With a history of both technical and commercial excellence spanning almost half a century, the Gastech Conference provides extraordinary breadth of coverage of the full natural gas value chain. More than 400 speakers ranging from global ministers and CEO’s to engineers and analysts, communications and HR share valuable insights and cutting edge content on the natural gas and associated industries.
Technology Manager, Oil & Gas
U.S. Department of Energy, NETL
16:00 - 16:30
Tuesday, 17 September 2019
T2.2 DOE Natural Gas Infrastructure Research Program Targets Methane Emissions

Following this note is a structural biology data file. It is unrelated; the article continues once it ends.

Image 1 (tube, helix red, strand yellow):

The overall objective of the U.S. Department of Energy (DOE) Natural Gas Infrastructure Research Program is to develop tools, methods, and technologies to cost-effectively enhance the safety and efficiency of the nation’s natural gas production, gathering, storage, and transmission infrastructure. Specifically, the program targets the development of technologies that can reduce the volumes of methane emitted during the operation of this infrastructure by reducing routine operations-related emissions and capturing and utilizing flared or vented natural gas. Reducing methane emissions enhances safety, reduces natural resource waste, and increases sales gas volumes. All of these are important factors in optimizing the performance of a critical part of the U.S. energy delivery system that is growing rapidly and will become increasingly important in the future. The portfolio of current or recently completed R&D projects includes the development of a “smart” methane emission detection system that applies machine learning techniques to passive optical sensing modalities to mitigate emissions through early detection, a novel liquid seal for reducing emissions from reciprocating compressors, a remote methane sensor that employs chirped-laser dispersion spectroscopy on aircraft and vehicle platforms to detect leaks along midstream infrastructure, an internal coating for pipeline application with embedded sensors to detect changes in pipeline conditions, new distributed fiber optical sensing technology that can identify potential methane leaks over long distances (e.g., up to 100 km) with spatial resolution of 1 meter, and an industrial-scale process for forming superlubric coatings using graphene-nanodiamonds, that can be applied to the dry gas seals in gas compressors to reduce methane leakage.